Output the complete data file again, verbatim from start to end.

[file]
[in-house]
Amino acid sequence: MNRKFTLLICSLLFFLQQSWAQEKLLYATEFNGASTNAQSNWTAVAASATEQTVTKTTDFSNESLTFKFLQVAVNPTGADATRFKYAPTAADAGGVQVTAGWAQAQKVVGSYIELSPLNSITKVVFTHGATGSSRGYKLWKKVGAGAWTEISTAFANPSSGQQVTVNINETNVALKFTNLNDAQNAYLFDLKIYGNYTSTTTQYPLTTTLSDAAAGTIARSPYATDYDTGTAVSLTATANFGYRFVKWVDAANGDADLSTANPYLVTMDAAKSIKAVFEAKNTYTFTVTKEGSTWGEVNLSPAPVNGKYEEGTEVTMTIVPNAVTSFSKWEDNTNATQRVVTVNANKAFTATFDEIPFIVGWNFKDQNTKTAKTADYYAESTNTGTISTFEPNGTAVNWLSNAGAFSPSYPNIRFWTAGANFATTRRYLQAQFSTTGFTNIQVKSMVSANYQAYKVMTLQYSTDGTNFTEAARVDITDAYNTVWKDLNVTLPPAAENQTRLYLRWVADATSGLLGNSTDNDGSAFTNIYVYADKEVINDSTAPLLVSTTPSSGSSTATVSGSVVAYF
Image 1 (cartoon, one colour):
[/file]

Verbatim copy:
[in-house]
Amino acid sequence: MNRKFTLLICSLLFFLQQSWAQEKLLYATEFNGASTNAQSNWTAVAASATEQTVTKTTDFSNESLTFKFLQVAVNPTGADATRFKYAPTAADAGGVQVTAGWAQAQKVVGSYIELSPLNSITKVVFTHGATGSSRGYKLWKKVGAGAWTEISTAFANPSSGQQVTVNINETNVALKFTNLNDAQNAYLFDLKIYGNYTSTTTQYPLTTTLSDAAAGTIARSPYATDYDTGTAVSLTATANFGYRFVKWVDAANGDADLSTANPYLVTMDAAKSIKAVFEAKNTYTFTVTKEGSTWGEVNLSPAPVNGKYEEGTEVTMTIVPNAVTSFSKWEDNTNATQRVVTVNANKAFTATFDEIPFIVGWNFKDQNTKTAKTADYYAESTNTGTISTFEPNGTAVNWLSNAGAFSPSYPNIRFWTAGANFATTRRYLQAQFSTTGFTNIQVKSMVSANYQAYKVMTLQYSTDGTNFTEAARVDITDAYNTVWKDLNVTLPPAAENQTRLYLRWVADATSGLLGNSTDNDGSAFTNIYVYADKEVINDSTAPLLVSTTPSSGSSTATVSGSVVAYF
Image 1 (cartoon, one colour):